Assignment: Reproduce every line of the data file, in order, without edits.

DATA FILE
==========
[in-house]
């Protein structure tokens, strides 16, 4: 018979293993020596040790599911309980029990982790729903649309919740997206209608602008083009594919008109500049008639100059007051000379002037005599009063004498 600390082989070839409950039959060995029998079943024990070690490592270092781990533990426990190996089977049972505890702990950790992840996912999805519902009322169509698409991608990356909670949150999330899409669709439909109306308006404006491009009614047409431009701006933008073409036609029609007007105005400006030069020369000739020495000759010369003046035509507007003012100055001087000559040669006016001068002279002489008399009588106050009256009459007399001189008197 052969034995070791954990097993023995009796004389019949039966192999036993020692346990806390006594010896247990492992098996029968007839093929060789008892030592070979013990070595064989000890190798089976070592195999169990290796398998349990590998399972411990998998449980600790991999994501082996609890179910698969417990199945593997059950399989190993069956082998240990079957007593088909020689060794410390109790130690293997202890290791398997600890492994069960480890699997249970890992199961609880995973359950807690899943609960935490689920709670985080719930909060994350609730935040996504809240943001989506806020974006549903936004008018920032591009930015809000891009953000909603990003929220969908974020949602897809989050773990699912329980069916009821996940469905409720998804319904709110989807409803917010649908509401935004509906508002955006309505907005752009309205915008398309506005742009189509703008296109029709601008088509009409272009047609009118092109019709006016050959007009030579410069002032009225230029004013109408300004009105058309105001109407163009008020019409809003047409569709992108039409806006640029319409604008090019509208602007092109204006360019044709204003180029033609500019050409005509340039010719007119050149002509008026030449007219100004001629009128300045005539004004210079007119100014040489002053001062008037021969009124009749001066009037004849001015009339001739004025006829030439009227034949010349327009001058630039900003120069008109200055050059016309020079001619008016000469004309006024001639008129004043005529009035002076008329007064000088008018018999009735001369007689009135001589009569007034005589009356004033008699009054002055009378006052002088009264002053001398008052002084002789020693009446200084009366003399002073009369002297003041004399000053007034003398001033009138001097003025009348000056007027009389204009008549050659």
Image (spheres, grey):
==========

[in-house]
């Protein structure tokens, strides 16, 4: 018979293993020596040790599911309980029990982790729903649309919740997206209608602008083009594919008109500049008639100059007051000379002037005599009063004498 600390082989070839409950039959060995029998079943024990070690490592270092781990533990426990190996089977049972505890702990950790992840996912999805519902009322169509698409991608990356909670949150999330899409669709439909109306308006404006491009009614047409431009701006933008073409036609029609007007105005400006030069020369000739020495000759010369003046035509507007003012100055001087000559040669006016001068002279002489008399009588106050009256009459007399001189008197 052969034995070791954990097993023995009796004389019949039966192999036993020692346990806390006594010896247990492992098996029968007839093929060789008892030592070979013990070595064989000890190798089976070592195999169990290796398998349990590998399972411990998998449980600790991999994501082996609890179910698969417990199945593997059950399989190993069956082998240990079957007593088909020689060794410390109790130690293997202890290791398997600890492994069960480890699997249970890992199961609880995973359950807690899943609960935490689920709670985080719930909060994350609730935040996504809240943001989506806020974006549903936004008018920032591009930015809000891009953000909603990003929220969908974020949602897809989050773990699912329980069916009821996940469905409720998804319904709110989807409803917010649908509401935004509906508002955006309505907005752009309205915008398309506005742009189509703008296109029709601008088509009409272009047609009118092109019709006016050959007009030579410069002032009225230029004013109408300004009105058309105001109407163009008020019409809003047409569709992108039409806006640029319409604008090019509208602007092109204006360019044709204003180029033609500019050409005509340039010719007119050149002509008026030449007219100004001629009128300045005539004004210079007119100014040489002053001062008037021969009124009749001066009037004849001015009339001739004025006829030439009227034949010349327009001058630039900003120069008109200055050059016309020079001619008016000469004309006024001639008129004043005529009035002076008329007064000088008018018999009735001369007689009135001589009569007034005589009356004033008699009054002055009378006052002088009264002053001398008052002084002789020693009446200084009366003399002073009369002297003041004399000053007034003398001033009138001097003025009348000056007027009389204009008549050659």
Image (spheres, grey):